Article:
Thousands of people from all over the world travel the Way of St James every year. The United Kingdom is one of the countries with more presence in the different Jacobean Routes: only in 2017, it was the eighth country in the number of pilgrims who finished their Way in Santiago. Much of this success is due to the Confraternity of Saint James, the Association of Friends of the Way founded in London, and that since 1983 has been helping pilgrims before, after and during their Way.
Making the most of our visit to the WTM fair in London, we visited the Confraternity of Saint James headquarters and talked with its General Manager, Freddy Bowen, about the evolution of the association, its challenges and the impression the Way of St James has left in the United Kingdom throughout its history.
Founding members of The Confraternity of Saint James
More than 1,500 members worldwide
The Confraternity of Saint James was created in 1983 by six people who shared a passion for the pilgrimage to Santiago. Their love of the Way led them to organise countless conferences and carry out many studies, articles and guides on the Jacobean Routes, turning their small association into one of the largest in the country. Thirty-five years later, Freddy Bowen admits that its evolution has been spectacular: “We are now a registered company and a charity with around 1,500 members. We have two pilgrim hostels on the Way, we have an encyclopaedic website and a very comprehensive library dedicated to the pilgrimage and the Apostle.”
Furthermore, in recent years, the Confraternity of Saint James has seen how the Way has become better known internationally, with more people seeking information, advice and guidance from organisations like this. “We work together with other associations, with academics and with our own members in order to continue with our original mission statement: to promote the Way and to support all pilgrims on their journey to Santiago," notes Freddy.
To achieve this dual objective, the Confraternity of Saint James organises various activities and events throughout the year, both for pilgrims who are going to do the Way, and for those who have already experienced it and want to tell their stories. In addition, volunteers write low cost guides about the various routes to Santiago to help pilgrims organise their trips. “We update them as often as we can and distribute them among the people who consult us," explains Freddy. Conferences, exhibitions and meetings, where people can have a drink together and share experiences, round off the catalogue of initiatives carried out by this organisation.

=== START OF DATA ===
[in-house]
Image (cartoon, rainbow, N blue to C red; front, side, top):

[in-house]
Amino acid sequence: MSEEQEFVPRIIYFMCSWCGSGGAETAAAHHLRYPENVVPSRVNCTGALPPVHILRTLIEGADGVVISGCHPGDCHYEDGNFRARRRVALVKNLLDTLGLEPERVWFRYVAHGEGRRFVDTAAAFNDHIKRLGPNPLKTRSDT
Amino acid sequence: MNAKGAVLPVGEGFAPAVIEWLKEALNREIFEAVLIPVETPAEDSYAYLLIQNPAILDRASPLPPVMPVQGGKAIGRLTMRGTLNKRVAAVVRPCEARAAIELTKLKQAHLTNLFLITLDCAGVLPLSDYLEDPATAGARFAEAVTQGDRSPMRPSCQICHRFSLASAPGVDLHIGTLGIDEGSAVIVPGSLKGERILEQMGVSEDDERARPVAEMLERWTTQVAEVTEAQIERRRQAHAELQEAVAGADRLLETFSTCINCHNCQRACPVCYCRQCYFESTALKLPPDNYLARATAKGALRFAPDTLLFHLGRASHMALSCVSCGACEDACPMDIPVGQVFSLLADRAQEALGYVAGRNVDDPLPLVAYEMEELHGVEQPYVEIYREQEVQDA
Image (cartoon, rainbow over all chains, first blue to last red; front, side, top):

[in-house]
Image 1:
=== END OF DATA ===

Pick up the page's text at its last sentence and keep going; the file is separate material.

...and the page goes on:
Hostel of The Confraternity of Saint James in Rabanal del Camino
Hostels in Rabanal del Camino and Miraz
“We want to be able to help the pilgrims before, after and during the Way." With this philosophy in mind, the Confraternity of Saint James has not limited itself to merely assisting in the planning of a Route, but it also offers first-hand support, welcoming and providing hospitality in situ. And it does so directly in its two shelters on the Way: one in Rabanal del Camino, on the French Route, and another one in Miraz, on the Northern Route. Both hostels are staffed by volunteer members who train throughout the year as hospitaleros (hosts) and who stay in Spain for two weeks between March and November.
Talking to Freddy Bowen, we also had the opportunity to find out what things most concern the British pilgrim. “People who come to us are generally seeking peace of mind and trust," says Freddy. And what the British pilgrim fears most when facing a long trip, without assistance, often alone and where the language is different, is not feeling safe or not finding what they are looking for. However, the manager of the Confraternity of Saint James assures us that once they are walking the Way, all their problems and worries disappear. In fact, the greatest sorrow is reaching Santiago and finishing the adventure. For this reason, the organisation is increasingly trying to offer several events and volunteer opportunities to help its members keep the spirit of the Way alive on a daily basis.
Host in the Miraz hostel managed by the Confraternity of Saint James
Help along the Way: the magical moment of the pilgrimage
There are many positive aspects. “The British love the Spanish climate, landscape, food and people," Freddy Bowen says. So with all this already in the bag, one of the best things for the British pilgrim is the feeling of community and support offered by local people and other pilgrims along the Way. “Things can go wrong, but the most magical moments of the pilgrimage are when a complete stranger helps you. I think this is what the British pilgrims find most wonderful," Bowen points out.
We did not want to leave London without getting to know the challenges the Confraternity of Saint James will face in the coming years. And its manager sees this clearly: “The nature of the Way is changing: with the increasing availability of tour packages, luggage-transport services and technology that didn’t use to be an option, we must constantly review our own services so that they reflect the evolving landscape of the pilgrimage. But through changes we will continue with our mission of providing support, advice and hospitality to pilgrims with our low-cost guides, preparation and reflection events, and traditionally managed hostels.”
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